Shoe shopping is a different story. After spending the last three months either barefoot with the blackest of black-bottomed feet or clad in Crocs, I had no idea what size either of the Ladies would be wearing, so I knew I would have to drag them both out to be measured.
While my mom stayed home with QT, I loaded the Ladies in Minnie-Ru and headed out to the mall. I don't know if it is just denial, or if I am still pumped up with so many post-pregnancy hormones, but I am totally under the false impression that taking only two kids with me is some sort of easy outing. Clearly, I haven't been reading my own posts from the last two years.
Anyway, the Ladies and I descended on Stride-Rite with a sense of excitement, at least I felt excitement--I was out with my big girls we were doing something fun together--what the Ladies felt however, could only be explained by methamphetamine use.
These Ladies were all over the place. Sliding along the vinyl covered seats, walking into the window display to check out the Sesame Street themed shoes, banging on the toy piano they plant in the middle of the store for God knows what reason--because you know those Sales Associates probably just want to take a hammer to it, taking the socks and the hair accessories off the hooks and yes, even looking at some shoes.
We went to Stride-Rite first because I needed the Ladies to be measured. I wasn't even sure we would be purchasing shoes there, one, because sometimes they are a little pricey and two, because the Lady was insistent on getting "Sketcher Sporty-Shortys--that light up" and I knew they didn't sell Sketchers there.
I figured if I could just corral the Ladies and get them measured all I would have to do would be to have them try those babies on and we would be out the door.
Why do people who work in stores geared towards children always seem so miserable? Granted, I would not want to measure the sweaty feet of anybody, let alone a squirmy 2-year old who may or may not still have syrup on her leg from that mornings breakfast, but come on--crack a smile or at least try to engage them a little bit. You could go a long way by telling a 4-year old you think that the shoes they picked out are cool.
Clearly, we had a sub-par Sales Associate. After she measured the Ladies, I asked her to see if they had the Stride-Rite "Sporty Shorty Shoe" in size 10 for the Lady. (She is really a 9.5--no wonder her ballet slippers don't fit, they are only a 9--thank goodness for the foresight of Santa Sheils who ordered those Lelly Kelley's in a 9.5, they still fit and she still rocks them at school.) The woman disappeared the back only to emerge later with shoes for another customer and not the Lady. In the meantime, I was trying to get the Little Lady from running out of the store in her pink socks and asked another (still kind of surly) Sales Associate for two pairs of shoes for the Little Lady. By the time she returned with the two pairs, both of which the Little Lady had zero interest in, there was still no faux-sportys for the Lady. We waited a few minutes, but waiting in a shoe store with two kids who are on some sort of shoe-fueled sugar high seems interminable.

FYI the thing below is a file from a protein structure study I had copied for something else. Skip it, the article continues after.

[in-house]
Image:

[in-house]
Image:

Finally, I was able to get the attention of the second Sales Associate who promptly told me that they didn't have the shoes in the Lady's size. Ugh. We slipped the Crocs on over the socks--I know, I know, I don't want my kids looking like European tourists at Disney World either, but we were running dangerously low the amount of time it would be before someone had a meltdown or my boobs started to leak.
We made our way to Payless. No Sporty Shortys, but a lot of shoes that kind of looked like them in size 8 and 10.5. On a side note--they do have ballet slippers there if anyone ever needs them.
Then Macy's, which I thought was a long shot and it was. However, they have really cool tights there that I am going to pick up for the Lady for this winter.
I understand that malls make it virtually impossible for you to get anywhere in a straight line. They force you to take the long way around so that you have to pass every single store out there. I get it, I do. What I don't understand is why they skimp on the Directory signs. I mean come on, I just want a list of stores that sell children's shoes.
Finally. Foot Locker.
And there they were in all their pink sparkle glory, just sitting on the shelf waiting to light up not only themselves, but the very faces of the children they are marketed to. Oh Sporty Shorty! Oh Twinkle Toes! Oh dear Lord, will someone please come over here and help us? The Ladies are once again sliding on and off the bench, tossing around tissue-paper pulled from the inside of some shoe and walking through the clothing displays.
"Can I help you?"
"We will take any color/combination of Sporty Shorty or Twinkle Toes in size 7 and 10."
So what the guy comes back with is two pairs of Sporty Shortys in size 9 and 6 and then assures me that they run big.
Dude, I get that you have been way more helpful then your Stride-Rite counterparts, and maybe it is true that these shoes run big, but I am not walking out of here with two pairs of $50 light up shoes with the hope that these Ladies won't grow out of them in like two months.
I tried them on the Lady and they fit. Like, they just fit. I put on the size 6 for the Little Lady and all she said was "Ow."
So, we stuffed those ill-fitting sparkle shoes and our dreams of a successful shoe shopping outing back into those pink boxes and we left.
Zappos.com, here I come.